Without much ado, here are our readings for this coming Sunday as we finish our current series on baptism, “Deep Well”.
Colossians 2:6-15 – We who have faith in and through Jesus Christ should not be taken in by “philosophy and empty deceits”. Paul here is thinking of the ancient Greek philosophies such as Stoicism, Epicureanism, etc. Christ dwells fully in us because we have died with him in our baptism and been raised with Christ through faith. Do we live our lives fully understanding and embodying the idea that “Christ dwells fully” in each one of us?
Matthew 28:16-20 – This passage is often referred to as the “Great Commission”. Christ sends his disciples, and us, into the world to do three things: make disciples; baptize in the name of the Father, Son, and Holy Spirit; and teach all that Christ commanded (see John 13:34-35). How can all of us do these things? We do them by the power of the one who is with us always: Jesus Christ.
The Lectionary Reading assigned for this week are:
Jeremiah 31:27-34 – The prophet reports the Word of the Lord who promises to give us a new covenant. It will not be written on stones, or sealed by circumcision, nor come with the promise of multiple descendants. It will be a covenant written on our hearts and we will know and be in relationship with God.
Psalm 119:97-104 – An acrostic psalm which consists of 22 stanzas (one for each Hebrew letter) of 8 lines (each beginning with the same letter) for a total of 176 verses. These 8 verses are on the 13th letter of the alphabet. This is very clear when you look at the Hebrew Scripture, the Tanakh. Here, the psalmist reflects on how much wiser he has become by studying God’s Word and Law.
Genesis 32:22-31 – Jacob, on his way home to reunite with his twin brother, Esau, spends a night alone on the Jabbok river. There, he wrestles with a man/angel/God. The man does not prevail in the match but does dislocate Jacob’s hip. Jacob names the place Peniel, meaning “The face of God” because he saw God face to face and did not die.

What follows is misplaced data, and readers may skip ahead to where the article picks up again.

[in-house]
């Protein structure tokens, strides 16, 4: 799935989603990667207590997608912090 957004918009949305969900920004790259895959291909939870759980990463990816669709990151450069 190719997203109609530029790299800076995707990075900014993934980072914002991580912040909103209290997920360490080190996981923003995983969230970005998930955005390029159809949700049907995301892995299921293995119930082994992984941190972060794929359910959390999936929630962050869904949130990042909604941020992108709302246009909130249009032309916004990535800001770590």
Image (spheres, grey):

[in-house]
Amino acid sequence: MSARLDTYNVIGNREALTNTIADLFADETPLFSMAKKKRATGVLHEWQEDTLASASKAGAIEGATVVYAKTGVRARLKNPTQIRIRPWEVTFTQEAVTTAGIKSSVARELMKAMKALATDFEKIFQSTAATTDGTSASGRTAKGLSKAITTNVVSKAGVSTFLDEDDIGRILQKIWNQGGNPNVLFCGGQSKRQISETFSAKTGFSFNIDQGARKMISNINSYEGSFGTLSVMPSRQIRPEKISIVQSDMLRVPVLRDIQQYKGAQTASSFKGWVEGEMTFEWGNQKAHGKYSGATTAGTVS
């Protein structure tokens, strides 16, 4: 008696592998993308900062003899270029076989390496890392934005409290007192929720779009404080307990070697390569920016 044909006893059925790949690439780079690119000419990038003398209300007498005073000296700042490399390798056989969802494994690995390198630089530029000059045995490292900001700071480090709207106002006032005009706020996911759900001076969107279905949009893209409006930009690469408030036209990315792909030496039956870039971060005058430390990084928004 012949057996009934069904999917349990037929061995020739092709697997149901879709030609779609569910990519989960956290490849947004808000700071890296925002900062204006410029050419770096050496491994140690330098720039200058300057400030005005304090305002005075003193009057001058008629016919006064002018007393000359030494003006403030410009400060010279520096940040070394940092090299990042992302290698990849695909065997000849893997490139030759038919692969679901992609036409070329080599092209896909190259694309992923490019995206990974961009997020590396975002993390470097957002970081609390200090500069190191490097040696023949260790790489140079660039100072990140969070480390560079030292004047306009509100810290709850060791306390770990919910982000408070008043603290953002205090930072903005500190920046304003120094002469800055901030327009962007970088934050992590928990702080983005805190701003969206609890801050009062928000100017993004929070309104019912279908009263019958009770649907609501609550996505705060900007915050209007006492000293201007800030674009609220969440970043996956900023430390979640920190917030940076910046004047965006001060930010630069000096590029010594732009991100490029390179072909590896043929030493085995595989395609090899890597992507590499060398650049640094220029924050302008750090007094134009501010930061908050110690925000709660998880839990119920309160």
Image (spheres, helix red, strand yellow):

Psalm 121 – The psalmist is assured of God’s continuing love and protection.
2 Timothy 3:14-4:5 – Paul instructs Timothy to continue studying the scriptures as he carries out his work in the church. The scripture Paul refers to is what we call the Old Testament or the Hebrew Scripture. Why should we study the scripture? We study so that we may be taught, corrected, for our own reproof, and for our training in righteousness so that we may be equipped for every good work. In verse 4:5 Paul asks Timothy to be sober, endure suffering, work as an evangelist, and continue in ministry.
Luke 18:1-8 – In this difficult parable, the widow is persistent in asking the unjust judge for the justice due to her. He eventually grants it just to get rid of her. Jesus then says that God will grant justice to those who cry out day after day. The difficult part is the idea that God grants justice just to get rid of someone. Is that how God works or is Jesus reaching for something deeper and more meaningful?
Have a great week Serving God by Serving Neighbor!
Peace in Christ,
Pastor Gary Taylor